The National Education Policy, it is feared, may undermine the progress made in general, professional, and technical higher education in the country. The data on education’s development, however, present a picture of which every Indian must feel proud. During this Azaadi Ka Amrit Mahotsav, we cannot help but recall the role played by higher education in the development of the nation. India must take pride in the fact that having started with less than two dozen universities, 500 colleges and merely a lakh students enrolled in higher education on the eve of Independence, it now has one of the largest systems of higher education in the world.
As of now, the country has close to 1,100 universities, 40,000 colleges, and 11,000 stand-alone higher education institutions besides a large number of polytechnics, which many countries count among their tertiary education. With over 38.5 million students in 2019-20, which may have now crossed 40 million, India today can legitimately boast of being the second-largest system of higher education.
Enrolment in higher education in India is greater than the entire population of at least 160 countries. The participation rate in higher education has also gone up from less than one per cent in 1950 to 27.1 per cent in 2019-20 in the age bracket of 17-23 years. If we consider the age cohort of 18-22 years, the gross enrolment ratio in higher education would exceed 29.3 per cent. Going by the prevailing rate of growth in enrolment, India would accomplish the targeted GER of 50 per cent by 2035. Increasing the minimum prescribed duration of undergraduate programmes from three to four years, as provided for by the NEP, may help achieve the target earlier.
The most remarkable achievement has been in making the country’s higher education equitable. Women now constitute 49 per cent of the total enrolment in higher education. The Gender Parity Index in higher education is now more than0.94. Similarly, scheduled castes, scheduled tribes and the other backward classes now constitute 14.7, 5.6 and37 per cent, respectively, of the total enrolment in higher education.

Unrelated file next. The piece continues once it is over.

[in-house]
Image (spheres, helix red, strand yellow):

But there are areas of significant concern.
The substantial increase in women’s enrolment notwithstanding, there is still avoid in many disciplines, particularly in different branches of engineering. Muslims —they constitute almost 15 percent of the population — have a 5.5 per cent representation in higher education. The participation of SCs and STs is still far below the national average.
India’s accomplishments are also undermined by the poor quality of higher education institutions and programmes. Our best institutions compare poorly with their international counterparts even though the quality of higher education has improved on almost all performance parameters since Independence.
The nation must shed the dubious distinction of delivering maximum output per dollar of input in higher education. This is a sad commentary on the state of underinvestment in higher education. It must commit to investing heavily in higher education. Sadly, the combined expenditure of the Union and the state governments on university and higher education has plummeted from 0.86 percent of the GDP in 2010-11 to 0.52 per cent in 2020-21. The Centre’s total expenditure on higher education dropped drastically from 0.33 percent of the GDP in 2010-11to a measly 0.16 per cent in2019-20. The total expenditure on higher education by the states slid from 0.53 percent of GDP to 0.36 per cent during the corresponding period. These trends have to be reversed for India to become an economically developed country.
Considering the fact that India is, at present, a lower middle-income economy, a self-financed, privatised higher education may not serve the purpose. Can we expect a nation to afford privatized higher education at a time when over 60 per cent of its population has to be provided free rations to escapedestitution?